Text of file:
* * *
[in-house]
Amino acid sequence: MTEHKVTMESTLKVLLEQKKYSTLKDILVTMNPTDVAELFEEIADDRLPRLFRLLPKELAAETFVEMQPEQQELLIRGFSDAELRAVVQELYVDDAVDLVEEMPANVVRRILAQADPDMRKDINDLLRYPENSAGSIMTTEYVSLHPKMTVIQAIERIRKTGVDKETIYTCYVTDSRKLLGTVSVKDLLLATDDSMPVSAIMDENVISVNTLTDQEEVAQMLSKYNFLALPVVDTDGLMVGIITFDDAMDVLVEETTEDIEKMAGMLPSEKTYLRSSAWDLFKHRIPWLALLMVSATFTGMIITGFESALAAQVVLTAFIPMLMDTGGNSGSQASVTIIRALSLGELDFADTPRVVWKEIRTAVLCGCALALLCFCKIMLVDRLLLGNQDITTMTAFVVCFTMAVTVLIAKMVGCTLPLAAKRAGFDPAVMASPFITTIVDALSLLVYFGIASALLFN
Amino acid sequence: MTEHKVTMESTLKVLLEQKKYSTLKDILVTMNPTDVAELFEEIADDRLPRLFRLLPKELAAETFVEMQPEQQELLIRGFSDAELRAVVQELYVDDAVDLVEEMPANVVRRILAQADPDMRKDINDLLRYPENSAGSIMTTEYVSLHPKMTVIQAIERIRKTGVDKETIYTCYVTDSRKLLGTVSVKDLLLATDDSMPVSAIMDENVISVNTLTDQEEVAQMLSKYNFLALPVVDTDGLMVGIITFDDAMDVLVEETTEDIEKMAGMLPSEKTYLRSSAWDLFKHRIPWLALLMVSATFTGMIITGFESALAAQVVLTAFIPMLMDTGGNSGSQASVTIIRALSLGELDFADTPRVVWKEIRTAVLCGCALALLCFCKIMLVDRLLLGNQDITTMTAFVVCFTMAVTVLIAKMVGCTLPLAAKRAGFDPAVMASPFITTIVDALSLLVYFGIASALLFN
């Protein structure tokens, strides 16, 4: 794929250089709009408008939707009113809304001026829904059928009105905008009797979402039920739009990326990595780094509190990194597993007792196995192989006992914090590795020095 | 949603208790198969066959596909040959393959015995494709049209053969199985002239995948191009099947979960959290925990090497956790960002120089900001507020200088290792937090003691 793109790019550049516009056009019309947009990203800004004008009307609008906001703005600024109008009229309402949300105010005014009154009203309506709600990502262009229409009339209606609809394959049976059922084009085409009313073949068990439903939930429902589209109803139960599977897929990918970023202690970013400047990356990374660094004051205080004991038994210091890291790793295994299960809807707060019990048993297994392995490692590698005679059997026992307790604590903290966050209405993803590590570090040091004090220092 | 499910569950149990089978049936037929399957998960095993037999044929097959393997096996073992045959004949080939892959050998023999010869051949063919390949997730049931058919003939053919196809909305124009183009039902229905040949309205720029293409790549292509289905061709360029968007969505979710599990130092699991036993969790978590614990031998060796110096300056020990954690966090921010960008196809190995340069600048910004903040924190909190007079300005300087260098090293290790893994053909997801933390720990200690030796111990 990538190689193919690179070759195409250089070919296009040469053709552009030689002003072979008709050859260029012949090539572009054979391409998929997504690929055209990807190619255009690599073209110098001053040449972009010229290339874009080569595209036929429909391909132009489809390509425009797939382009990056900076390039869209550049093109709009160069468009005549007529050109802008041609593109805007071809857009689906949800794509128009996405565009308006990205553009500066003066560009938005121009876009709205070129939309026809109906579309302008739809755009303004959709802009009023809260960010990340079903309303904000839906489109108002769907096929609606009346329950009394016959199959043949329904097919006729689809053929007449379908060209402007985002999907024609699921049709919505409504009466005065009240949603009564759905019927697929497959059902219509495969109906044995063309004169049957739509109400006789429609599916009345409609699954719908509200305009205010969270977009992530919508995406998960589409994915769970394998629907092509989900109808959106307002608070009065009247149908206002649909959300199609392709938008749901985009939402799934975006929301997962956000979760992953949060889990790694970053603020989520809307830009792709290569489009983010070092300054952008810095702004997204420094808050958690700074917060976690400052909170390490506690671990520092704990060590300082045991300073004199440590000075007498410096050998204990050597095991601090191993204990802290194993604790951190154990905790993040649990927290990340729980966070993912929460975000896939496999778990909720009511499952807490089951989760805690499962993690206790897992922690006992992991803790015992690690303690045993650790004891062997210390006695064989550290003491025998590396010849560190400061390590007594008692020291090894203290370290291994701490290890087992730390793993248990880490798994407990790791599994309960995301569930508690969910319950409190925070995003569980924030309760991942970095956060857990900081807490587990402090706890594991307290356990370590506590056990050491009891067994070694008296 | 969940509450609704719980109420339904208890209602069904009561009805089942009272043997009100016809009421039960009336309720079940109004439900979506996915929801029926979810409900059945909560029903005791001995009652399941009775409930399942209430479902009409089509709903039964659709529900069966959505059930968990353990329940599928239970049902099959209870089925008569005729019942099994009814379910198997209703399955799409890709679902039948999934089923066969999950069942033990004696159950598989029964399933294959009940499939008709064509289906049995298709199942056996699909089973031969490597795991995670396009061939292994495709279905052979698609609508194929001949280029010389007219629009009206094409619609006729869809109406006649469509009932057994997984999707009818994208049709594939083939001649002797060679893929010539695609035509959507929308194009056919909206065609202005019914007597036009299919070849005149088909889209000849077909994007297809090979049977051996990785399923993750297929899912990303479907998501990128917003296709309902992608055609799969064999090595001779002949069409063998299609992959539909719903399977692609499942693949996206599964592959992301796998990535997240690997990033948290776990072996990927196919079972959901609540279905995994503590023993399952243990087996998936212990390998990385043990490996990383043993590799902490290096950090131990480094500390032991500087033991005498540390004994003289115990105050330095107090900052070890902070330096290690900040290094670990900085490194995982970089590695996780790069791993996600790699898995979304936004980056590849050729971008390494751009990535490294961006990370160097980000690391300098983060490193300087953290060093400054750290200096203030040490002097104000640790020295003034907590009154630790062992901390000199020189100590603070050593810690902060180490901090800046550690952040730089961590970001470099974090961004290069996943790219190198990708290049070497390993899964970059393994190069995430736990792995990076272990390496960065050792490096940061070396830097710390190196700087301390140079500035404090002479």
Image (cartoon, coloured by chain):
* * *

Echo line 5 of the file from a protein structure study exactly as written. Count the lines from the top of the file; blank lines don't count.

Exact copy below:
Image (cartoon, coloured by chain):